In New York’s 29 wrongful convictions proven by DNA evidence, 14 involved false confession and in 15, eyewitness misidentification was a factor. These are only the wrongful convictions that were overturned by DNA evidence, cases that the Innocence Project dedicates its work to overturning. In fact, the numbers balloon when tallying all of the state’s 217 wrongful convictions, of which misidentification contributed to 74 and false confession to 34, or some combination of the two. Of the state’s 217 wrongful convictions, 150 occurred in New York City.
Having in place mandatory best practices to protect against these common contributors to wrongful conviction will also strengthen public safety and deter costly settlements and awards that can result from miscarriages of justice. In New York’s 29 wrongful convictions proven by DNA evidence, the real perpetrators went on to commit 11 additional violent crimes, including three rapes, six murders and two other violent crimes. What’s more, lawsuits stemming from wrongful conviction have cost New York City tens of millions of dollars. New York City Comptroller Scott Stringer reported that, just last year, four of the top nine settlements paid out by the city involved wrongful conviction and totaled nearly $30 million.
“False confession and misidentification are the top contributors to wrongful conviction in New York; but, fortunately, law enforcement can mitigate these factors by recording custodial interrogations and using eyewitness identification best practices. Wrongful conviction not only harms the innocent, it’s a threat to public safety and it has cost our city millions of dollars. New York City cannot afford to wait for reform any longer and the City should mandate these practices at the NYPD immediately,” said Scheck, co-founder of the Innocence Project, which is affiliated with Cardozo School of Law
“Wrongful convictions steal years from the lives of the innocent, endanger the safety of our communities and compromise the very foundation of our criminal justice system. It is imperative that we examine the practices in place to guard against convicting the innocent, especially at a time when innovations in technology, criminal psychology and forensics have enhanced law enforcement’s ability to determine guilt,” said Council Member Gibson, Chair of the Public Safety Committee. “No stone should be left unturned in pursuit of a fair justice system and I anticipate an ongoing discussion between the NYPD, the DA’s, and the Council on this important issue. I thank the Innocence Project and Legal Aid for their leadership and am proud to have so many outstanding partners join me in our efforts to protect innocent New Yorkers.”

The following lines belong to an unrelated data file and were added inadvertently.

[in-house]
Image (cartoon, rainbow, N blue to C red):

“The mayor’s refusal to permit the NYPD to discuss how – if at all – it has implemented key recommendations of a statewide taskforce on preventing wrongful convictions further illustrates this administration’s continued unwillingness to meaningfully reform our criminal justice system and its disdain of transparency and accountability. The tragic result will be more innocent men and women convicted and incarcerated for crimes they didn’t commit; more actual perpetrators walking the streets to commit more crimes; and millions of dollars more taxpayer money eventually spent to compensate the wrongfully convicted,” said Council Member Lancman, Chair of the Courts and Legal Services Committee.
“I spent 21 years in prison for a crime that I did not commit based on the victim misidentifying me as the perpetrator. Today we know a lot more about the science behind eyewitness memory. There are proven techniques that can reduce the risk of misidentification; so the NYPD should make these practices its official policy to protect the innocent and make the criminal justice system more reliable,” said Newton, who was wrongfully convicted of a 1985 rape in the Bronx due to misidentification.
“My son, Yusef Salaam, was one of the Central Park Five – teenage boys who were wrongfully convicted of rape due to false confession. The judge and jury did not see the circumstances that led to the confessions. They didn’t see that the officers yelled and abused them, and made them think that the only way to escape the situation was to admit the crime. They didn’t hear the boys give details that did not fit the crime. But, I believe that things could have been different if police recorded the entirety of those interrogations – Yusef might not have lost five years of his life in prison, and the real perpetrator would not have remained free to rape and kill other women,” said Salaam.
“I was convicted of murder based on evidence collected by Detective Louis Scarcella, who claimed at trial that I confessed to the crime during an interrogation. This was a lie, but there was no recording of the interrogation to prove that I was telling the truth. What happened to me was a tragedy, but it was an avoidable one. The NYPD needs to record the entirety of interrogations to ensure that what happened to me and so many other New Yorkers does not continue to occur,” said Shakur, who was wrongfully convicted of a 1989 double murder in Brooklyn, and spent 27 years in prison before being proven innocent.